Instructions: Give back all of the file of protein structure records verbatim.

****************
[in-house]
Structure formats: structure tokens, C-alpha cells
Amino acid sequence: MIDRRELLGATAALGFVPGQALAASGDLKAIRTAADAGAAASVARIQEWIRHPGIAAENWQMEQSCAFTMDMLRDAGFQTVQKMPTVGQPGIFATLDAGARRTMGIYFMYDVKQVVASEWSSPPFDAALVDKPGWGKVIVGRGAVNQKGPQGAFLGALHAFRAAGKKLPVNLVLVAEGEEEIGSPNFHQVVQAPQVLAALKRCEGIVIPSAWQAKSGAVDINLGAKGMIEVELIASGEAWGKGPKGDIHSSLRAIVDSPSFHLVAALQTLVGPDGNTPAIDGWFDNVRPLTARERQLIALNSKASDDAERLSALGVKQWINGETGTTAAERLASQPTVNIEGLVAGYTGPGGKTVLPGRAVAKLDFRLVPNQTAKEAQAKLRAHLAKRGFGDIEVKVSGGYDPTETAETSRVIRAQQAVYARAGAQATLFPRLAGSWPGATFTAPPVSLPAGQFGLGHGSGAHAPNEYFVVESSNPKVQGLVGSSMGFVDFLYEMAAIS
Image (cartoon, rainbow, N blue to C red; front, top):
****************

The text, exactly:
[in-house]
Structure formats: structure tokens, C-alpha cells
Amino acid sequence: MIDRRELLGATAALGFVPGQALAASGDLKAIRTAADAGAAASVARIQEWIRHPGIAAENWQMEQSCAFTMDMLRDAGFQTVQKMPTVGQPGIFATLDAGARRTMGIYFMYDVKQVVASEWSSPPFDAALVDKPGWGKVIVGRGAVNQKGPQGAFLGALHAFRAAGKKLPVNLVLVAEGEEEIGSPNFHQVVQAPQVLAALKRCEGIVIPSAWQAKSGAVDINLGAKGMIEVELIASGEAWGKGPKGDIHSSLRAIVDSPSFHLVAALQTLVGPDGNTPAIDGWFDNVRPLTARERQLIALNSKASDDAERLSALGVKQWINGETGTTAAERLASQPTVNIEGLVAGYTGPGGKTVLPGRAVAKLDFRLVPNQTAKEAQAKLRAHLAKRGFGDIEVKVSGGYDPTETAETSRVIRAQQAVYARAGAQATLFPRLAGSWPGATFTAPPVSLPAGQFGLGHGSGAHAPNEYFVVESSNPKVQGLVGSSMGFVDFLYEMAAIS
Image (cartoon, rainbow, N blue to C red; front, top):